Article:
It happened on February 26, 2015. The day started out like any day, but by the end, the world had changed, and Don Lemon had stood next to a llama.
Two months later, the story of the Great Llama Chase of the 21st Century was apparently incomplete, something the New York Times attempted to rectify by visiting Sun City and speaking to the people most affected by the event — the senior citizens who watched it all go down in their backyard at the Carillons retirement community.
Ninety-six-year-old Claire Mevius showed off a picture of her and a llama that she conveniently pulled out of her purse. “That llama neck felt great,” she said. “I didn’t object to it at all.” She said later, “At this age, it’s something to see something new for the first time! I’ve seen it all.”
The Times also checked in with the now-C-list celebrities, who have returned to their pen. Laney, the dark llama, is doing fine. Kahkneeta, the tall white one, has been distant since the ordeal. Karen Freund, one of the owners, says, “she knows if she takes off, she can do whatever she wants.” Freund also has a llama philosophy, noting that they are “like a potato chip. You can’t just have one.”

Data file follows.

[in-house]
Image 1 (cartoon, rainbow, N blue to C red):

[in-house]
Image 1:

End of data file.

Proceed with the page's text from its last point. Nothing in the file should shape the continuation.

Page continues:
This was not the first time that the llamas have returned to the spotlight since February. At the end of March, the U.S. Department of Agriculture contacted the llamas’ owners to explain that the duo would not be able to go out in public again unless Freund and her husband got a license. Kahkneeta and Laney’s last public appearance was at the Turf Paradise Race Track. The llamas did not get to show off the speed that made them famous, staying in their enclosures as lucky camels and ostriches got to race.